The vast majority of people who hear the term “iPhone” will associate it with Apple’s mobile devices. But in China, the Cupertino company has just lost a court case for the exclusive right to use the iconic name on its products.

Apple lost the trademark suit in the Beijing Municipal High People's Court, which ruled that Xintong Tiandi Technology can continue to use the phrase “IPHONE” on its leather wallets and accessories, according to China-based Legal Daily.

Apple had applied to trademark the “iPhone” name in China way back in 2002, but this wasn’t approved until 2013. Xintong Tiandi filed its “IPHONE” trademark in 2007 - the year the first iPhone went on sale in the US – and got approval in 2010.

Apple first brought the dispute to the Chinese courts in 2012, but its argument was thrown out on the basis that iPhones weren’t sold in mainland China until 2009, and therefore the company couldn’t prove it was a well-known name in the country when Xintong Tiandi trademarked it in 2007.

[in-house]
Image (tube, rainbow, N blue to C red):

A 2013 ruling from the first case stated: “The general public will not link the trademark in dispute with Apple to harm its [Apple’s] interests.”

Now that Apple’s appeal has been rejected, Xintong Tian can continue selling its IPHONE goods. The Bejing-based company said the ruling is reflective of a “free market,” and added: "We will also make full achievement of the 'iphone' trademark, and work together [with Apple] to benefit more iphone consumers."

China may be Apple’s second-largest market after the US, but the company has been having a tough time in the country lately. Chinese regulators reportedly shut down iTunes Movies and the iBooks Store last month, and billionaire investor Carl Icahn sold his entire stake in Apple last week, citing the risk of China’s influence on the stock.